What You Can Do About Building Material Shortages

With homeowners spending more time than ever at home, the project list begins to stack up. Home improvement stores have seen record increases in traffic, which has led to a decrease in inventory. 

Unfortunately, the supply isn’t able to be fully restocked. So, here are tips to keep your projects going, despite material shortages.


The Pandemic’s Impact on Home Improvements

Even before the COVID-19 pandemic sent millions of people into self-isolation, with little to do but dream up home improvement projects, industry activity was rising.

Interest rates were historically low, people were planning new home builds and additions, and orders were already placed. Manufacturers already were cutting back, before the pandemic, as they faced supply-and-demand challenges.

Then in March, when people started to self-quarantine, those issues compounded. Being home meant more projects around the house. As a result, prices have gone sky high.

In addition, many people in self-quarantine are the very ones who work in the mill or production of home improvement materials. So, plants are not running at 100% performance; some are still running at 30% capacity.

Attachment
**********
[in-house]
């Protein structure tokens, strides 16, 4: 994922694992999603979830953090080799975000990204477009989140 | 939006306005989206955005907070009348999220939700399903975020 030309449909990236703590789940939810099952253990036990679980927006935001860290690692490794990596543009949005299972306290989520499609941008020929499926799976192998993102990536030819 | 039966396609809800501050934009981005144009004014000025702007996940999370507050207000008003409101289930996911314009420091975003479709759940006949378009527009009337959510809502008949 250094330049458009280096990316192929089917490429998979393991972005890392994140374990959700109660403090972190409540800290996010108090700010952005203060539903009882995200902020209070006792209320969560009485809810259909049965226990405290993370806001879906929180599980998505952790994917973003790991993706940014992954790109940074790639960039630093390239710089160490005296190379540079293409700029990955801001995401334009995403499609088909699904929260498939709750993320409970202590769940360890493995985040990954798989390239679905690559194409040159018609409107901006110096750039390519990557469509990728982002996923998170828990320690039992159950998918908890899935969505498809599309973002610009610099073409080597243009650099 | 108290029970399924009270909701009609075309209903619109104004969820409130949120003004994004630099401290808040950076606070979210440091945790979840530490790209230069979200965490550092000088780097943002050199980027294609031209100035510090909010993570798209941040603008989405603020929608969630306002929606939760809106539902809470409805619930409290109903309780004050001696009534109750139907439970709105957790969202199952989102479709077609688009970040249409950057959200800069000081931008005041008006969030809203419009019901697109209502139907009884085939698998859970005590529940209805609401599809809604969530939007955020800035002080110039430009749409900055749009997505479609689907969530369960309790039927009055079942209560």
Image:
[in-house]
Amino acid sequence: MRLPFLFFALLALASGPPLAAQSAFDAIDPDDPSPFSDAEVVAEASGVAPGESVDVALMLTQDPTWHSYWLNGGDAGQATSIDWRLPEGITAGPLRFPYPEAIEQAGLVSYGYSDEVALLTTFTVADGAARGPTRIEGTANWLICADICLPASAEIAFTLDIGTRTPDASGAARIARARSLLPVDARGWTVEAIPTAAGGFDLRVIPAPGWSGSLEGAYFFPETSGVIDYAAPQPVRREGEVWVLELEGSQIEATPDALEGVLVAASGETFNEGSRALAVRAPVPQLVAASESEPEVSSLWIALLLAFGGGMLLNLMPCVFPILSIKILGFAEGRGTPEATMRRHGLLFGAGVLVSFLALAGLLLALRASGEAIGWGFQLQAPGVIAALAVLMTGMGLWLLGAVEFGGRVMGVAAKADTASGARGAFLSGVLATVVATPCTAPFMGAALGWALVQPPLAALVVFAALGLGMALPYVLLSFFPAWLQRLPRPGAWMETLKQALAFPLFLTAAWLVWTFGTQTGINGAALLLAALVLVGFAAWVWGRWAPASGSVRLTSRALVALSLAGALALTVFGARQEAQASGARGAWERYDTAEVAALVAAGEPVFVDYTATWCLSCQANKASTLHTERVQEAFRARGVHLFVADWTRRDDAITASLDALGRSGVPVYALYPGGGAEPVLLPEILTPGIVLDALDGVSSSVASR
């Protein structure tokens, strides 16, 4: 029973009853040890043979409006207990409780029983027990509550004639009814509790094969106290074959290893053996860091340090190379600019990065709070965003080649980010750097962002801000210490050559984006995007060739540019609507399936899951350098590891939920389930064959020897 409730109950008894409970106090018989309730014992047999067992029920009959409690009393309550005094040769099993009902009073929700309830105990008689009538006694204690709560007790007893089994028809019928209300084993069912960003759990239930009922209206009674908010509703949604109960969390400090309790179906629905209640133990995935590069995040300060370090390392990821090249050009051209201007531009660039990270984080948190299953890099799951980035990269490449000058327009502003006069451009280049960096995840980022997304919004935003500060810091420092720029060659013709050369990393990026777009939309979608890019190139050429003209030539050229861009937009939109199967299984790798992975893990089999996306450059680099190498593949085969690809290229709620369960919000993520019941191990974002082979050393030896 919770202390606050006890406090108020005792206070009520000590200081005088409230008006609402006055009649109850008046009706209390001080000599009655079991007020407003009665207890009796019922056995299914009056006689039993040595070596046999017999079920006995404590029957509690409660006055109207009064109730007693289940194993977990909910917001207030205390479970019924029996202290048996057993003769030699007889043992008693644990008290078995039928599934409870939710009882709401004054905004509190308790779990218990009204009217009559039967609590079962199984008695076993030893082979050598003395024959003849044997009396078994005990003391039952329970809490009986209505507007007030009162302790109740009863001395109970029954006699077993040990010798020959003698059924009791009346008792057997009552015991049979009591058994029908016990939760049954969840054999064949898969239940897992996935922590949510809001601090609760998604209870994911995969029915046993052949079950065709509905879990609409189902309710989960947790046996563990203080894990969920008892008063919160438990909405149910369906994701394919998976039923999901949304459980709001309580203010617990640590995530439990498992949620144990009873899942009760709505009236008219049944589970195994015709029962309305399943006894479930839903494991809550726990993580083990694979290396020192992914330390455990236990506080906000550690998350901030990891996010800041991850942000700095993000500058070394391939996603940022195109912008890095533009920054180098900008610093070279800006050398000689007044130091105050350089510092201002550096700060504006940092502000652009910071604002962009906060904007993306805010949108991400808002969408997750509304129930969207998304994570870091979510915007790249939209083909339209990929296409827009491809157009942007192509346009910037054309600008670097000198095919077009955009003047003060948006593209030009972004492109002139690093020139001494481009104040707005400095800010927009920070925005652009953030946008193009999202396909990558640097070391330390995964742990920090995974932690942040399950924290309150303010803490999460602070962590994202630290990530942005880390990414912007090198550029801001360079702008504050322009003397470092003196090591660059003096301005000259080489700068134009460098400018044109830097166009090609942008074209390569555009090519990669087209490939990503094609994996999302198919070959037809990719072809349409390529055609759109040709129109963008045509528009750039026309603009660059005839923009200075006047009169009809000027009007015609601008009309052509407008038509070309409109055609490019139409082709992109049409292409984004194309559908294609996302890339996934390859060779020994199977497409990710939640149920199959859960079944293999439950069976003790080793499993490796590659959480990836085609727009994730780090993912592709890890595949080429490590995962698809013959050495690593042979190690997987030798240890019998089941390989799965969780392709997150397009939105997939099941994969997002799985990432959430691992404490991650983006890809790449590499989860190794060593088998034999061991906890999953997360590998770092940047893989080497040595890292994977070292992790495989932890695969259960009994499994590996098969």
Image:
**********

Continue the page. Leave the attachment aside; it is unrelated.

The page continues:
Plan B: Using Alternative Building Materials

Creating outdoor living spaces was already at an all-time high in popularity before the pandemic. But COVID-19 compounded that.

Manufacturing and timber industries slowed or shut down, and people have learned about alternative building materials.  

Looking to build a deck? There are great alternatives to lumber, including low-maintenance composite decking. It doesn’t rot or warp, and while it’s usually more expensive than wood, the price gap has narrowed due to the lumber shortage and rising rates.

Cellular PVC will never rot and it’s great for replacing rotten wood or building anything around the house.

Fiber cement, which is great for siding, also will never rot and it will stand up to 145 mph winds. There’s no need for seasonal paint, sealing or staining, and termites won’t eat it.

Best of all, due to supply shortages for other materials and competition, prices for these alternative materials are going down.

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